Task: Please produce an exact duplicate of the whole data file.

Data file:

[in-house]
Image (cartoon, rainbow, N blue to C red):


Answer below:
[in-house]
Image (cartoon, rainbow, N blue to C red):